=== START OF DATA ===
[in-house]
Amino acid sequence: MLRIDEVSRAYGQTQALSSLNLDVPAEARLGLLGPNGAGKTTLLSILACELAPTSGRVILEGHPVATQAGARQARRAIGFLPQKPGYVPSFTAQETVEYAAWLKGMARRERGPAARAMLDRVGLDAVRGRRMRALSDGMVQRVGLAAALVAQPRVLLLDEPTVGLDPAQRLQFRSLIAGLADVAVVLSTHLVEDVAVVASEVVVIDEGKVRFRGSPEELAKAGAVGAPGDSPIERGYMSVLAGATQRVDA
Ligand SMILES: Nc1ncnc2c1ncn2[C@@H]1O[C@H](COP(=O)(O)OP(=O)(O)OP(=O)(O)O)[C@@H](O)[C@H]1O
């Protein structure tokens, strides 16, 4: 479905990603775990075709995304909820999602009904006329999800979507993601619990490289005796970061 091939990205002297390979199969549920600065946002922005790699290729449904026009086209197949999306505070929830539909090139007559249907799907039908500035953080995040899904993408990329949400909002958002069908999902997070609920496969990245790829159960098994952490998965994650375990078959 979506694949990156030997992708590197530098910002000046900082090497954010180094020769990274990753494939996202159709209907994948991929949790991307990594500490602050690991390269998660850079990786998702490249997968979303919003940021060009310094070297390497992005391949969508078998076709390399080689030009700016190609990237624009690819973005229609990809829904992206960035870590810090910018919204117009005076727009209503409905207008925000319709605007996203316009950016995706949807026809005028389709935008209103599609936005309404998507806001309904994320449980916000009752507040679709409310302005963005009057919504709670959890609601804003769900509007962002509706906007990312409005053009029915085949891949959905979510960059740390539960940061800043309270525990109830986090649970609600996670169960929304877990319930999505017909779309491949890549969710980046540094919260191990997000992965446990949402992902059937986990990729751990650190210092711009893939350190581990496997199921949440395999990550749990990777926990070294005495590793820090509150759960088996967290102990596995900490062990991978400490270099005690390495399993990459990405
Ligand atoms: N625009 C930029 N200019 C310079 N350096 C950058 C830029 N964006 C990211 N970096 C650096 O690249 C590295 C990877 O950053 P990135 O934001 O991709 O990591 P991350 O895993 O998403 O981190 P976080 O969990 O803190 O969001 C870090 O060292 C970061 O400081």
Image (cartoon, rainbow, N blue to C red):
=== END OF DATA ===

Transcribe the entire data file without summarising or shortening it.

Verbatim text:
[in-house]
Amino acid sequence: MLRIDEVSRAYGQTQALSSLNLDVPAEARLGLLGPNGAGKTTLLSILACELAPTSGRVILEGHPVATQAGARQARRAIGFLPQKPGYVPSFTAQETVEYAAWLKGMARRERGPAARAMLDRVGLDAVRGRRMRALSDGMVQRVGLAAALVAQPRVLLLDEPTVGLDPAQRLQFRSLIAGLADVAVVLSTHLVEDVAVVASEVVVIDEGKVRFRGSPEELAKAGAVGAPGDSPIERGYMSVLAGATQRVDA
Ligand SMILES: Nc1ncnc2c1ncn2[C@@H]1O[C@H](COP(=O)(O)OP(=O)(O)OP(=O)(O)O)[C@@H](O)[C@H]1O
């Protein structure tokens, strides 16, 4: 479905990603775990075709995304909820999602009904006329999800979507993601619990490289005796970061 091939990205002297390979199969549920600065946002922005790699290729449904026009086209197949999306505070929830539909090139007559249907799907039908500035953080995040899904993408990329949400909002958002069908999902997070609920496969990245790829159960098994952490998965994650375990078959 979506694949990156030997992708590197530098910002000046900082090497954010180094020769990274990753494939996202159709209907994948991929949790991307990594500490602050690991390269998660850079990786998702490249997968979303919003940021060009310094070297390497992005391949969508078998076709390399080689030009700016190609990237624009690819973005229609990809829904992206960035870590810090910018919204117009005076727009209503409905207008925000319709605007996203316009950016995706949807026809005028389709935008209103599609936005309404998507806001309904994320449980916000009752507040679709409310302005963005009057919504709670959890609601804003769900509007962002509706906007990312409005053009029915085949891949959905979510960059740390539960940061800043309270525990109830986090649970609600996670169960929304877990319930999505017909779309491949890549969710980046540094919260191990997000992965446990949402992902059937986990990729751990650190210092711009893939350190581990496997199921949440395999990550749990990777926990070294005495590793820090509150759960088996967290102990596995900490062990991978400490270099005690390495399993990459990405
Ligand atoms: N625009 C930029 N200019 C310079 N350096 C950058 C830029 N964006 C990211 N970096 C650096 O690249 C590295 C990877 O950053 P990135 O934001 O991709 O990591 P991350 O895993 O998403 O981190 P976080 O969990 O803190 O969001 C870090 O060292 C970061 O400081």
Image (cartoon, rainbow, N blue to C red):